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Theatre lovers in for a feast

Madhur Tankha

NEW DELHI: It will literally be a "dramatic" beginning to the New Year for theatre lovers in the Capital. The ninth edition of the National School of Drama's "Bharat Rang Mahotsav" opens at Siri Fort Auditorium here on January 6 with a performance by Sasha Waltz, the celebrated dancer-cum-choreographer from Germany.

While the inauguration will be performed by Union Tourism and Culture Minister Ambika Soni at Siri Fort Auditorium, performances by Indian and international theatre directors will be staged at Kamani Auditorium, Shri Ram Centre and three NSD theatres -- Bahumukh, Sammukh and Abhimanch -- during the 15-day long festival.

Of the 52 performances, 13 will be from Australia, Bangladesh, China, Pakistan, Germany, Iran, Japan, South Korea, Nepal, Poland, Sri Lanka, Switzerland and Uzbekistan, while 39 will be home productions.

As dance has come to occupy a major point of reference for theatre, the upcoming festival will feature performances that will cover almost the entire range of convergences between dance and theatre.

International dance theatre will be represented by the works of Leszek Bzdyl, Beatrice Jaccard and Peter Schelling. Major Indian dancers and choreographers including Maya Krishna Rao, Padmini Chettur, Geeta Chandran and Veenapani Chawla will perform during the festival.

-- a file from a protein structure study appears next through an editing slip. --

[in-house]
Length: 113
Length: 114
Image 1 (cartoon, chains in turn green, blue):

The Indian plays will feature celebrity directors like Prasanna, Nadira Zaheer Babbar and C.R. Jambe as well as important contemporary directors like Sunil Shanbag, Anuradha Kapur, Chetan Datar, Zuleikha Chaudhary, Suman Mukhopadhyay, Koushik Sen and Heisnam Tomba. Besides a special section on dance theatre, classics from India and abroad will offer challenging models of reinterpretation of the works of Kalidas, Aeschylus, Sophocles, Shakespeare and Chekhov among others.

For the first time, the festival will pay tributes to theatre director Alyque Padamsee, who will stage his play "Macbeth", and choreographer Narendra Sharma, who will show "Mukhantar and Conference".

Another innovation at the festival will be that Indian directors will interact with their counterparts and explore the possibilities of performing on the festival circuit.

While Shakespeare still dominates with four plays (last time there were seven), there are two Sanskrit classics, Uttaramacharita and Vikramorvasheeyam. The poetry of the 13th Century Sufi poet Jalaluddin Rumi has thrown up a new Marathi production titled "Tu". Japanese director Satoshi Miyagi, who made a tremendous impact last year with "Othello", returns this time with his masterpiece "Medea".

Taking a part of the Bharat Rang Mahotsav's repertoire to Kolkata will be the "Satellite Festival" that will be held between January 12 and 20 at Rabindra Sadan and Sisir Mancha.

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